Today’s wisdom comes from the USA. The great Maya Angelou. She was an American poet, memoirist, civil rights activist, sister, mother, and wisdom keeper to us all:

“Bringing the gifts that my ancestors gave,
I am the dream and the hope of the slave.
I rise
I rise
I rise.”

-Maya Angelou, “Still I rise,” And Still I Rise (1978)

Day 21. Today’s wisdom comes from my second favorite island. Manhattan is first, then the isle of my dreams Jamaica. “In this bright future you can’t forget your past.” -Bob Marley

So what am I getting at? It’s really simple, my friends. In this life, so many of us are fixated on the future that we can often neglect the present and mistakenly ignore the importance of our own past. But human beings are creatures of habit. And what we’ve done in the past, many of us, if not most, are destined to do again. Just look at your relationships. Patterns of relatedness show themselves. Who we love and whom we surround ourselves with, while not predestined, are predictable to a great extent. The life we lead, the goals we set, even the outcome, so often are a narrative based on the realities of our story or past.

If you want to change the world, if you want to influence others, if you are determined to be all you can be and do all you can do in this life, I believe you must come to grips with your past. Step into the present powerfully and intentionally. Then with the fullness of your unique story, of your God given narrative, find your way into the light of the future, unencumbered and free.

Peace and love!

Day 22. Today’s wisdom comes from South Africa. Nelson Mandela was and is a person I can look to when times get hard for me. His ability to stay focused on his goals for his people, for his nation, remind me often of not giving up! Not Losing sight of the results I want to see. His life is an example of the power of the human spirit to persevere in the midst of evil.

I am grateful for him and his ability to keep his eyes on the prize. I am hoping I can follow just a bit. I dream so often. I get weak and let go, but Mandela showed us after those long years in jail, you still can step into your dreams, fight the good fight, and ultimately see them or some part of the dream come true!

“After climbing a great hill, one only finds that there are many more hills to climb.” -Nelson Mandela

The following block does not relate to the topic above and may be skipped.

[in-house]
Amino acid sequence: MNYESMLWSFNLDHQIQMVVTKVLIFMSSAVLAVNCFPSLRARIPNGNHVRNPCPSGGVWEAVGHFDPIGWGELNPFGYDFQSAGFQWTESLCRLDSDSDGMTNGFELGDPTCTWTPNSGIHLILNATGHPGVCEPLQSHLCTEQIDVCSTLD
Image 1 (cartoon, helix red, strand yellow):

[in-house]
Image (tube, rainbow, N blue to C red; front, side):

Day 23. Today’s wisdom is old as i can almost imagine. The story of Job has always perplexed me. Why do bad things happen to good people? The losses of Job are beyond comprehension for most of us. Yet, the losses of the many people who have suffered under warfare is painful to think about. Currently, so many conflicts are happening in our world that I look for understanding in history and in sacred text, longing to find answers to the realities of life.

The story of Job shows us an example of someone that keeps faith despite the worst events possible happening. Job is almost beyond the possible for most of us, and yet, if we can find a way even when difficult days come, we just might make it!

This wisdom come to us from Egypt, from the book of Job: “My lips shall not speak wickedness, nor my younger utter deceit. Till I die I will not put away mine integrity from me.”

Day 24. Today’s wisdom comes to us from a tower of inspiration and power. Fannie Lou Hamer showed us strength and resilience when all was looking lost. I’ve gained strength from her story. Mrs Hammer was deeply committed to improving life for Black and poor people in her state. Mrs Hamer, working with the National Council of Negro Women and others, helped organize food cooperatives and other services. She continued political activities as well, helping to convene the National Women’s Political Caucus in the 1970s. Among her many accomplishments, Mrs Hamer repeatedly fought to register to vote as a Black woman and helped over half of her fellow Black Mississipians to do the same. She later co-founded the Mississippi Freedom Democratic Party (MFDP) with Ella Baker and Bob Moses to oppose the state’s all-white party. We need more folks like Mrs Fannie Lou Hamer!

This wisdom comes from Mississippi: “Never to forget where we came from and always praise the bridges that carried us over.” -Fannie Lou Hamer

Day 25. Today, I woke up with freedom on my mind. Funny, I think it is in a way the very idea that propels me in my life. As a child, while I loved and respected my parents, I didn’t want to be under their control. As I grew and explored the world around me, I came face to face with the constraints placed on me as a Black boy. I cried for freedom and lashed out in angry ways at a society that was mistreating me and others that looked like me. I came to know the story of Harriet Tubman. Went to her house in upstate NY, read about her, and talked extensively with my father, who had known former slaves when he was a young person. Mother Harriet is a hero of mine, and her selflessness in going back into slave territory time and time again to save loved ones and others shows me the way. Freedom isn’t free. The cost of it is the collective energies people have offered in every age.